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Every year Congress must approve the fiscal budget, which includes a request for foreign aid spending from the current Secretary of State. By examining the proposals for foreign aid spending through the United States Agency for International Development (USAID) from 2008 to 2020, it highlights the United States’ international goals and concerns. A common thread amongst all three budgets is a concern of national security and instability within foreign nations.

The 2008 Congressional Budget Justification – Secretary Condoleezza Rice

In the 2008 Congressional Budget Justification, Secretary of State Condoleezza Rice outlined the international concerns of the Bush Administration. As a whole, Secretary Rice requested $36.2 billion in funding from Congress for the 2008 fiscal year, as well as $6 billion in supplemental funding in 2007 for, as she details, additional expenses from the wars in Afghanistan and Iraq.

Secretary Rice stated that the overarching goal of this budget for foreign aid spending is to “mobilize our [the U.S.] democratic principles, our diplomacy, our development assistance and our compassion to win what will be a generational struggle.” As a result of this priority, much of the outlined spending in the report focused on the allocation of funds to programs that support democracy-building programs, peacekeeping, diplomacy and child-health programs. The United States, Secretary Rice details, ought to shift from a historically paternalistic relationship towards other nations in the world and, rather, act in partnership with foreign countries in the hope that it can establish positive and lasting change.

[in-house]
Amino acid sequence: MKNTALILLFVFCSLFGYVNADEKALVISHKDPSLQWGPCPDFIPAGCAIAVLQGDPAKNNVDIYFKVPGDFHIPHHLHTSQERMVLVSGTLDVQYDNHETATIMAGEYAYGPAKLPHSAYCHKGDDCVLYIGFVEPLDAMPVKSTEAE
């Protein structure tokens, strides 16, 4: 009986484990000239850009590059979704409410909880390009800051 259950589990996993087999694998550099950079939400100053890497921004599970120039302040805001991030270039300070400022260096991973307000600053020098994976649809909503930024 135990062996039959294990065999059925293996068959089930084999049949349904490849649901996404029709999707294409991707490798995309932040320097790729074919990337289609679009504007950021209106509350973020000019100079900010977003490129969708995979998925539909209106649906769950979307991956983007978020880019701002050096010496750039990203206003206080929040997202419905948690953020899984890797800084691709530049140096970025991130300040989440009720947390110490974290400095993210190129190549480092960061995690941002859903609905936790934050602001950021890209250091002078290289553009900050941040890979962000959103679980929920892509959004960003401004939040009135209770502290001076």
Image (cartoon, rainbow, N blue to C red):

The 2016 Congressional Budget Justification – Secretary John Kerry

In the 2016 Congressional Budget Justification, Secretary of State John Kerry expressed concerns that were similar to those of Secretary Rice under the Bush Administration. In 2016, the international sphere continued to face uncertainty. He places emphasis on this by asking that Congress “begin by understanding what is at stake – by realizing that our overseas actions, the alliances and partnerships that we form, the cooperation we engender, and the investments we make have a direct bearing on the safety of our citizens and the quality of life enjoyed by our people.” The budget that Secretary Kerry requested $50.3 billion from Congress, a marked increase from the proposal of Secretary Rice in 2008.

Despite a change in the party — from Republican to Democrat — the concerns of each administration are the same. In the 2016 proposed budget for foreign aid spending, Secretary Kerry expresses concern on behalf of the Obama Administration for the stability of Afghanistan, Iraq and Pakistan, as well as for the health, education and safety of families around the world. Secretary Kerry asked for the allocation of $7 billion to Overseas Contingency Operations (OCO), which works to establish stable political environments in volatile regions in which the U.S. involves itself. Also included in this budget is $5.6 billion in humanitarian aid for Migration and Refugee Assistance, International Disaster Assistance and food assistance. On a similar note to the 2008 proposal, Secretary Kerry states that “the United States will continue to do its part to ease suffering and prepare the groundwork for recovery.”